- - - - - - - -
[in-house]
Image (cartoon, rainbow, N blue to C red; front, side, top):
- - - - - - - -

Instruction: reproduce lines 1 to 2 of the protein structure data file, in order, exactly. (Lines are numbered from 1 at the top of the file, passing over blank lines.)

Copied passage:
[in-house]
Image (cartoon, rainbow, N blue to C red; front, side, top):